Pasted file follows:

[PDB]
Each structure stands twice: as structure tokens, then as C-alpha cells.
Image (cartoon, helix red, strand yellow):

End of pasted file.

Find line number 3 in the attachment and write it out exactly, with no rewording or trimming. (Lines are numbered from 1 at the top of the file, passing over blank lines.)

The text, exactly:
Image (cartoon, helix red, strand yellow):